Card’s humorous and sometimes cutting descriptions of some well-known books met with applause from the audience, including pointing out the similarities between “Harry Potter” and “Ender’s Game.”

 “I enjoyed the first book, because obviously, she had read ‘Ender’s Game’,” Card said of the author J.K. Rowling. “Through the stories, you can see the evolution of her as a writer. Her entire career is expressed.”

He said that the first Potter books were written for children, progressed to epics and later suffered from a lack of editing. He said the fifth book in the “Harry Potter” series, “Order of the Phoenix,” was the best, and described reading the book in the airport while traveling home from his oldest child’s wedding.  “Let’s keep our priorities straight, people,” he joked.

Card said that it makes him uneasy that “Ender’s Game” is sometimes required reading in classrooms because that puts it in the same category with “The Scarlet Letter.”

“Pain is required of anyone who requires anyone to read Nathaniel Hawthorne,” Card said, adding jokingly that it should be given to terminal cancer patients, so they are happy to go.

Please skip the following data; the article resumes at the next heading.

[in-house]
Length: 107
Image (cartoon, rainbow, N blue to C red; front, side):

He said that nonfiction teaches the facts of history but not the why, which is learned by reading fiction.

“Children are learning why people do the things they do,” he said. “It gives them a picture of their world. Children are desperate to get stories that will explain the behavior of other people.”

Card explained that science fiction is a natural fit for adolescents because it allows them to try on new faces and explore other worlds. He advised parents to not worry about kids who read only science fiction or only one author’s work.

“Don’t worry if you think they should be reading something else, something better,” he said. “I want to ask you as nicely as I can -- shut up!”

Answering questions from the audience, Card said that an “Ender’s Game” movie is getting closer, that he doesn’t have a favorite book – “Author’s opinions of their own work are absurd. It only matters what you think” – and that he enjoys listening to books on his iPod nano.

“I’d rather you listen to my books than read them,” he said, explaining that his daughter narrates some.